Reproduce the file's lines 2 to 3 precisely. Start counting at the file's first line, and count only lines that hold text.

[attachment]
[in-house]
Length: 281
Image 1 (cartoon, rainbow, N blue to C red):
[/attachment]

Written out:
Length: 281
Image 1 (cartoon, rainbow, N blue to C red):